The Undertaker On His Reaction When He Was Told The Streak Was Ending

The Undertaker On His Reaction When He Was Told The Streak Was Ending

As seen below, The Undertaker sat down on Ariel Helwani’s MMA Show, where he was asked if he truly wanted “The Streak” to end in 2014 at WrestleMania 30 to Brock Lesnar.

“Internally and the way this business works, I knew someday it would end,” Taker admitted. “In our industry, you don’t walk away like Floyd [Mayweather], undefeated, or Rocky Marciano. It just doesn’t happen that way in wrestling.

“It was always in the back of my mind that it would end. Although, most of my peers and people that I work with thought it was a horrible decision, and I just asked Vince, ‘are you sure? Is this what you want?’ He was like, ‘if it’s not Brock, who can beat you?’ Alright, well, it’s your call.”

Michelle McCool revealed recently that WWE had wanted to break Taker’s streak as far back as WrestleMania 24 against Edge. Undertaker admits that he didn’t really have much say and that he was all about business rather than how his character would look.

“Everybody thinks I have all this juice like I can say yes or say no,” Taker said. “I could have said no, but what good was that gonna do? That really would have disappointed people. What do I do? I go out and throw a tissy and go, ‘if I’m not going over, then I’m not going in.’ That’s not me. I’m business, and business comes first before anything personal.

“So I just double-checked and made sure he was sure 100 percent that was what he wanted to do, and that was the plan so I went with it.”

The Undertaker suffered a concussion during his match against Lesnar at WrestleMania 30. He discussed how his schedule changed from a part-time schedule and the effect that has on his body.

“At that time, you have to realize what I’m going through, and I think it’s covered at the end of [episode] one,” Taker stated. “So I’m doing WrestleMania, and I’m going from WrestleMania and going to have to have some kind of surgery to repair whatever was hurting before I went into Mania. And then I go into rehab. And then I go right then into [what] I call camp now because I don’t work a full schedule. I have to train like a fighter does. Like I have to back out 16 weeks and I have figure out what my goals are whether I need to add weight, whether I need to lose weight. [The] biggest thing being getting my cardio right. When you’re on the road all year long, you just stay in shape, your body’s used to the trauma.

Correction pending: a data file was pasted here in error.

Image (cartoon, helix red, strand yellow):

“So I had to stretch of time there where I was only working once a year at Mania, twice a year at most if they have a special RAW, Smackdown or something, and I think what happened was it just caught up to me. Everything was hurting, so I couldn’t go in the ring and spar. So my body wasn’t used to the trauma of a match. Most guys aren’t able to physically throw me around quite like Brock could, so I took a lot of bumps that I don’t normally take.”

The Undertaker also talked about how he could always adapt to what was going on in the ring. He discusses his history of concussions and injuries but says the concussion he suffered at WrestleMania 30 was different because he still cannot remember anything from that match.

“As far as being sensitive and all that, no, and I’ve always been sure of myself,” Taker admitted. “After a couple of years of having a handle of what The Undertaker character was, it kind of took over. I’ve talked about it. There’s not much that can happen inside the world of professional wrestling or sports entertainment as it’s now referred to that I felt that I had the answer to. Nothing could happen in a match, someone could get hurt of something like that, that I didn’t feel like I could adapt on the fly and make it happen or make it work. If I was in the ring with somebody that was horrible, it always felt like they were good enough that I could make this good.

“I was always really confident, until I got that concussion. I’ve gotten plenty of concussions and injuries, but I think it was the magnitude of the concussion, like I don’t remember that match at all.”

Taker went more into detail about what he remembers from that day, comparing it to lamp that was unplugged.

“My last memory from the day of that WrestleMania is about 3:30 in the afternoon when I had a conversation with my wife backstage,” Taker recalled. “Now, there is a process that I go through from when I start stretching and going to see the doctors. It’s a big process. I did it all. I don’t remember doing any of it. My memory picks up that night in the hospital at about 4:00 a.m. That’s when I remember what my name was and where I was at. It was bizarre. It was like I was a lamp and somebody unplugged me. That shook me.

“I’ve been injured in matches. I’ve had my orbital bones busted out and continued with matches. I’ve wrestled with broken ribs, broken foot, torn muscles and I’ve been caught on fire, and I’ve always been able to will myself through it. This was just like wow, this has never happened to me. I watched that match back, and I had no clue what was coming next.”


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